The government has decided recently to raise tax rates on automobile imports by nearly 10 per cent, a government official said on Tuesday.
As imported cars are currently subject to a special tax calculated at 81 per cent of a vehicle’s value, the official, who requested anonymity, said the new special tax rate will be 90 per cent of the value of the car. He told The Jordan Times Tuesday that under the new regime, cars manufactured less than five years ago will be subject to an 8 per cent increase, while used automobiles older than five years will be slapped a 10 per cent hike.
“The Cabinet has approved the new tax regulations for imported cars and forwarded the decision to the Legislation and Opinion Bureau,” the official said, expecting the tax system to go into effect in the coming few weeks. Nabil Rumman, President of the Jordan Free Zone Investors Association (JFZIA), warned that raising the tax rate on car imports will negatively affect the sector, as automobile prices will go up leading to further slowdown in demand.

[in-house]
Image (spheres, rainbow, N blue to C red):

“It is not a good time to hike taxes as the local market is still stagnant,” he told The Jordan Times over the phone, saying that the auto sector is the second after the real estate in terms of generating revenues to the Treasury with around JD500 million a year.
According to Rumman, the average number of cars imported to the local market is around 75,000 vehicles per year. He indicated that rumours about government plans to increase taxes on cars have pushed traders in the free zone, which is the main hub for car imports, to speed up customs clearance measures.